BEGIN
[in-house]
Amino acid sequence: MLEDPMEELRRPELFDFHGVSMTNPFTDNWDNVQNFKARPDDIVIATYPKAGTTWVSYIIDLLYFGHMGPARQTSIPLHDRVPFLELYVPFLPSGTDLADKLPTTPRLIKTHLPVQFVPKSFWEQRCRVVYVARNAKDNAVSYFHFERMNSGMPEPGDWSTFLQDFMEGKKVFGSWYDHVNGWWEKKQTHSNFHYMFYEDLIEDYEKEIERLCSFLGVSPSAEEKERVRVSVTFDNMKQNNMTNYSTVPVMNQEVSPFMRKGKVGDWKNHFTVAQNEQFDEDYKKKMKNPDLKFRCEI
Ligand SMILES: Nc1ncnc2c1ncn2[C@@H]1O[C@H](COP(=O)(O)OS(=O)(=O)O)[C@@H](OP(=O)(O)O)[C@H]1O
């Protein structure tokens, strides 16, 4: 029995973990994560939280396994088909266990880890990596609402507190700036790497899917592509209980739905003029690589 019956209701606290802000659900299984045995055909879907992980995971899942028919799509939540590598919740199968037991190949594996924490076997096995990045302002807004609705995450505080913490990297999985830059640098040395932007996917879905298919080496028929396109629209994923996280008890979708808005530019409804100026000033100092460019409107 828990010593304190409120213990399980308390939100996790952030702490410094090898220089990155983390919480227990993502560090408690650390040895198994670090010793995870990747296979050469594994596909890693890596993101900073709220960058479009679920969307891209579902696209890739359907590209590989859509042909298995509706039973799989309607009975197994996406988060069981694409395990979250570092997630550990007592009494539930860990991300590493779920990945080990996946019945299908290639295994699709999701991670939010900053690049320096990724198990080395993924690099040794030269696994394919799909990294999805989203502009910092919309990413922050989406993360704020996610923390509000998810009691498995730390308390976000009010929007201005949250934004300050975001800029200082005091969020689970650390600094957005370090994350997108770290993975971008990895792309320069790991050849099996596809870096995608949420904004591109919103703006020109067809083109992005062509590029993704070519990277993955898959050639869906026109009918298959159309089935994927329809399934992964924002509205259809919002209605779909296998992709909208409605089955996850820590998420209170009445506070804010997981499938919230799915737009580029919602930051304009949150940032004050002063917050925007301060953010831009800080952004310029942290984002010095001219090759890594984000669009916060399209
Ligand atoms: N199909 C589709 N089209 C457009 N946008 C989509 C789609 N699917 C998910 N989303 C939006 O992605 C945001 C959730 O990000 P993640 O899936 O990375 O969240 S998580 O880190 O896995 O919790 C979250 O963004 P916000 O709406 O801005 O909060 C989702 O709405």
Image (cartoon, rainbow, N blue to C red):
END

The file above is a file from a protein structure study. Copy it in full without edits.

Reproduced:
[in-house]
Amino acid sequence: MLEDPMEELRRPELFDFHGVSMTNPFTDNWDNVQNFKARPDDIVIATYPKAGTTWVSYIIDLLYFGHMGPARQTSIPLHDRVPFLELYVPFLPSGTDLADKLPTTPRLIKTHLPVQFVPKSFWEQRCRVVYVARNAKDNAVSYFHFERMNSGMPEPGDWSTFLQDFMEGKKVFGSWYDHVNGWWEKKQTHSNFHYMFYEDLIEDYEKEIERLCSFLGVSPSAEEKERVRVSVTFDNMKQNNMTNYSTVPVMNQEVSPFMRKGKVGDWKNHFTVAQNEQFDEDYKKKMKNPDLKFRCEI
Ligand SMILES: Nc1ncnc2c1ncn2[C@@H]1O[C@H](COP(=O)(O)OS(=O)(=O)O)[C@@H](OP(=O)(O)O)[C@H]1O
């Protein structure tokens, strides 16, 4: 029995973990994560939280396994088909266990880890990596609402507190700036790497899917592509209980739905003029690589 019956209701606290802000659900299984045995055909879907992980995971899942028919799509939540590598919740199968037991190949594996924490076997096995990045302002807004609705995450505080913490990297999985830059640098040395932007996917879905298919080496028929396109629209994923996280008890979708808005530019409804100026000033100092460019409107 828990010593304190409120213990399980308390939100996790952030702490410094090898220089990155983390919480227990993502560090408690650390040895198994670090010793995870990747296979050469594994596909890693890596993101900073709220960058479009679920969307891209579902696209890739359907590209590989859509042909298995509706039973799989309607009975197994996406988060069981694409395990979250570092997630550990007592009494539930860990991300590493779920990945080990996946019945299908290639295994699709999701991670939010900053690049320096990724198990080395993924690099040794030269696994394919799909990294999805989203502009910092919309990413922050989406993360704020996610923390509000998810009691498995730390308390976000009010929007201005949250934004300050975001800029200082005091969020689970650390600094957005370090994350997108770290993975971008990895792309320069790991050849099996596809870096995608949420904004591109919103703006020109067809083109992005062509590029993704070519990277993955898959050639869906026109009918298959159309089935994927329809399934992964924002509205259809919002209605779909296998992709909208409605089955996850820590998420209170009445506070804010997981499938919230799915737009580029919602930051304009949150940032004050002063917050925007301060953010831009800080952004310029942290984002010095001219090759890594984000669009916060399209
Ligand atoms: N199909 C589709 N089209 C457009 N946008 C989509 C789609 N699917 C998910 N989303 C939006 O992605 C945001 C959730 O990000 P993640 O899936 O990375 O969240 S998580 O880190 O896995 O919790 C979250 O963004 P916000 O709406 O801005 O909060 C989702 O709405």
Image (cartoon, rainbow, N blue to C red):